The mountain range in the background is constantly hidden in fog and its vegetation is also called Cloud Forest. Due to its constant humidity the Ącloud forest ď represents a unique ecological system.
In Guiria I find a nice camp site where I place my tent under a solid roof. The rainfalls† can be so violent that they would easily wash me away.
In the morning Iím heading downtown to
buy a ticket to
Iím told that Windward Lines are no longer operating their car ferry and that there is only a passenger boat now.
This ferry doesnít transport any vehicles and for my motorcycle I would have to find a cargo ship with a captain prepared to take the bike.
As another inconvenience,
Altough the state did sign the international treaty regulating temporary imports of vehicles in 1954, they do insists on a cash deposit of the vehicleís value and besides that, the motorbike must get registered in Trinidad and fitted with a national numberplate.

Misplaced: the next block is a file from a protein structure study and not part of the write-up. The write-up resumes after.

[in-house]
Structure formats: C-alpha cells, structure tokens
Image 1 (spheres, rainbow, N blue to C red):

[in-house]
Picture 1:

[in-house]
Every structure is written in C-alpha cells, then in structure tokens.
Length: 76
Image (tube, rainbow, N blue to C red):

For one week of stay in
I will go to
Which of course is going to be anything else than simple.
The Venezuelan customs stamped the details of the motorbike into my passport and† Iím not allowed to leave the country without it. Neither by land nor by sea.
The only chance I see is to contact the
Venezuelan AA, the TACV (Venezuelani automobile club)
Usually the permission should be granted, considering my case.
At the customs office Iím told, that I must officially park the motorbike in Guiria and produce a confimation that says so.
However, finding someone in
Especially when I come around with a letter showing the seal of the customs and tax office.